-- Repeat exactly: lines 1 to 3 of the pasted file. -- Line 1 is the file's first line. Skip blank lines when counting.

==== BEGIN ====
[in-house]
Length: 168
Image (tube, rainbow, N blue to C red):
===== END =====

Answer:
[in-house]
Length: 168
Image (tube, rainbow, N blue to C red):